Jay Parkhill September 3rd, 2007
Creating ways to visually represent the social map seems very much in vogue. It makes sense in a certain way; there is a lot of dispersed content on the web and good business to be had aggregating it. Visually presenting the relationships among pieces of content- and the users that put it there- can help people sort through it all.
Lijit and Twitter both just launched visualization tools that are interesting and have neat animation, but also point to how hard it is figuring out what kinds of data are can be visualized well.
Lijit’s visualizer shows linking relationships between a user and the rest of the Internet. Lijit’s focus is on bringing out content that might be hard to aggregate otherwise, so I can understand the value in trying to bring together inbound, outbound and mutual linking relationships on one page.
The resulting animation isn’t hugely meaningful, though. For example, this blog isn’t really linked from anywhere, so there is no benefit to the animation- it just shows what is in the blogroll on the page. The other blog I write, Startup Review for doesn’t link to anything else, so it only shows a handful of inbound links. And a very popular blog like Brad Feld’s has three different clusters of lollipops, but they’re still just lollipops. They don’t offer any information that you couldn’t get from a simple list and they are a bit cluttered to boot.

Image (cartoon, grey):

Twitter’s blocks are similar, though not quite as intuitive. There is a nice animation that creates a stair-step effect and I get that the center line is my recent timeline and the paths branching away are the timelines of other users in my timeline, but I’m not sure this is actually a better way of discovering other users. The bricks themselves don’t say anything until I zoom in on them, so they don’t save me time or present more/better data than linking through user pages directly. I.e. I can “explore” just as easily on the main pages.
For me Digg has set the gold standard here. Its swarm, stack, bigspy and arc all show what is happening on the site in a way that shows off Digg’s core competence- aggregating and ranking news- while letting users easily scan the news items flowing through the site without having to do anything.
Guy Kawasaki blogged an interesting article about data visualization methods. It’s an interesting read and some techniques definitely seem to do the job better than others, or maybe some data is just much harder to present visually.
My personal favorite is a time-sequence graph of Last.fm listening habits, If it was actually a dynamic graph it would nose out Digg for “best in class”. It isn’t though; it is a “snapshot” of a particular moment in time for the developer.
Still it is gorgeous and presents the information in a way that would take many more words to explain, and be far less interesting, and that is the point. The web is still mostly about words because words work pretty darn well. If the picture isn’t worth a heck of a lot of them, it doesn’t really add enough value.